Therefore, the Communication urges the European Parliament and the Council to document the effect of their amendments in terms of anticipated impacts.

Equally, the Communication asks the Member States to provide feedback on benefits and costs associated with implementing the legislation to let the Commission use it to evaluate and revise the legislation.

Furthermore, the Commissions thinks that a joint effort to create a common evidence register, that collects the evidence used in the course of the legislative process between the Commission, the European Parliament and the Council (so-called Joint Legislative Portal), would improve easy access to anyone interested in the EU policymaking and allow more effective Communication between policymakers, both at EU and national level.

The Communication also expresses the will to improve the publication of the public consultations to attract more participants and quality contributions, and the general idea is to disseminate the “calls for evidence” at national and regional levels.

Regarding the Better Communication with stakeholders and the general public, the Commission is aware that having multiple consultations on the same initiative can be burdensome. Consequently, the will is to consolidate the public consultations into a single “call for evidence” on the above-mentioned “Have your Say portal”.

This way, feedback periods on roadmaps and inception impact assessments will be combined and be published as calls for evidence and/or public consultations based on questionnaires. The call for evidence will be in all EU official languages, and people will have twelve weeks to respond.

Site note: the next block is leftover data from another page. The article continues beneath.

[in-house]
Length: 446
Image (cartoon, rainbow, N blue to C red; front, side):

Moreover, the Commission will publish a summary report on each public consultation within eight weeks of its closure to keep the respondents informed.

Concerning the will to increase transparency, the Commission will improve access to the evidence behind every legislative proposal, as related published studies, evaluations, datasets, that should all be easy to find and access.

Furthermore, an improvement on the evidence registers and portals, such as EUR-Lex and Have Your Say, is expected, and the Commission has already made the Commission’s repository of publicly available models.

Another critical and already mentioned objective of the Communication is further simplification and burden reduction.

The Commission wants to strengthen the burden reduction through a “one-in, one out” approach.

As represented by Vice-President Šefčovič, the approach will not be applied mechanically. The Commission will seek to offset new burdens resulting from the Commission’s legislative proposals by equivalently reducing existing burdens in the same policy area. 

The objectives are 1) to keep to a minimum the burdens for individuals and businesses resulting from EU legislation, 2) to achieve greater awareness among policymakers of the costs and benefits of EU legislation and 3) to have comparable estimates of costs across policy areas.

Such an approach will be pilot in the second half of 2021, and it will start to be implemented with the Commission Work Programme 2022.